Spike weight on bottom of Root-head Decoy
    Ray fixed part of an iron spike to the bottom of his root-heads.  He found these spikes embedded in pieces of timber that floated by his house. The spikes are old, were probably used in the construction of docks and piers or for some other use on the river.  The water smoothes and shapes and ages the wood, and imparts character as well as form to the root-heads.
    By salvaging these materials and reconfiguring them, Ray is combining river history and local history to create a unique but recognizable artifact.  He puts history and decoys to work, blending them into a culturally significant form. You want to look at the decoy for its simple beauty, but what you can actually see is much more than might appear at first glance. It seems to me that Ray’s sensitivity to history and his commitment to locale is more deeply grounded and more productive for him than whatever stylistic decisions he might make as a carver.  River or Coast?  In this case, that choice doesn't matter quite so much. 
    I should add that Ray is also a self-taught painter.  He's drawn and painted a number of lighthouses, many of them local lights, which he prints and puts up for sale, or donates for fundraisers. You can see images of the lighthouse paintings, and more images of Ray's decoys, by visiting Ray's website,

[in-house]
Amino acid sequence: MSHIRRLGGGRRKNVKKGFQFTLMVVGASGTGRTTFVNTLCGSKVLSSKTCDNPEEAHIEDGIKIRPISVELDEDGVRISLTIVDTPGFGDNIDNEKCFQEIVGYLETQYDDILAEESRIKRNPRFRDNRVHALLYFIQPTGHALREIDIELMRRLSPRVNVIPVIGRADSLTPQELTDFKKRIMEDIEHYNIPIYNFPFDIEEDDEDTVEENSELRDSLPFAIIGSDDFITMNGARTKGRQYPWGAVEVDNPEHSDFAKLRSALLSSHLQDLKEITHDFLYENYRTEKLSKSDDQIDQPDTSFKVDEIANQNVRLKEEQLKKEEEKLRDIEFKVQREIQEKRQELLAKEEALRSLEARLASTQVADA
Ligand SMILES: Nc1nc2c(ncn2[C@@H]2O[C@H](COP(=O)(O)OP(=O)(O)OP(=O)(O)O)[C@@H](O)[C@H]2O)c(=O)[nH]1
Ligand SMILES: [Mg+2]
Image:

East Point Lighthouse by Ray Miller

    Driftwood Bird Stands
    Whatever their particular style, Ray Miller's decoys are a form of river art.  They are inspired by the river and by the river's role in shaping the history and culture of the area where Ray lives and works.  As demonstrated here, some of Ray's decoys are literally crafted out of materials found along the river shore and on the tidal flats.  In addition, many of Ray's bird carvings, especially his decorative birds, are mounted on stands fashioned from driftwood that comes out of the river.  The impulse to make use of these materials is not merely decorative.  It's a resolutely historical decision, fed by Ray's historical awareness and by his special brand of cultural practice.   
    As Ray Miller noted in an interview,  “You know, it's nice that people are interested in what we're doing.  And you know, what's happening out along the river, and the history of what's been in the area, and up and down the river here.  And what I'm doing with decoys.  And, what, you know, what me and a lot of other people are doing with decoys.  It's just keeping the history alive.  It's all part of the region's history.  And, we're part of it.  And, as time goes on, we hope there's others to step in and do what we're doing.”